CHULA VISTA - Imagine a better, safer stop light signal system.
That was the idea Michelle Dewez had while attending Marshall Middle School in Scripps Ranch. She entered her project called the “Traffic Light Safety and Improvement” in the 2006 California State Science Fair.
Her dad, John Dewez, presented her findings to a group of civic leaders in Chula Vista last week. He then showed 10News how she tested reaction times for when the light turns yellow, then red -- using a portable stair stepper.
“By pushing on the right pedal of this exercise machine, you are simulating the gas. As soon as it says go you have to push on the brake and it takes time, just like a car," said Dewez.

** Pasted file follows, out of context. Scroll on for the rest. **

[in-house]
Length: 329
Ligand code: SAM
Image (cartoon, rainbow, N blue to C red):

It was a comparison test, utilizing a standard signal light versus one with a green that starts blinking four seconds before it switches to yellow.
“We tested a bunch of people in our neighborhood to see how they would react," said Dewez. "We had an actual traffic or a light that has a blinking green.”
The blink, Dewez said, commands your attention.
“It wasn't blinking all the time, just the last four seconds," he said. "It would turn to yellow and people would anticipate it and they stopped before it got to that point.”
Thirty people were tested; five times with each light. It wasn't foolproof but it showed far fewer red light violations when the green blinks.
The blinking green light wouldn't happen overnight. Chula Vista would have to get approval from both the state and federal authorities to run a pilot project and and if it went well, there would have to be driver education as well. A plan to implement the lights could take years.